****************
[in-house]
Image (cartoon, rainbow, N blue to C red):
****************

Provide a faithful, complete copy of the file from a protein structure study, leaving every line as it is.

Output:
[in-house]
Image (cartoon, rainbow, N blue to C red):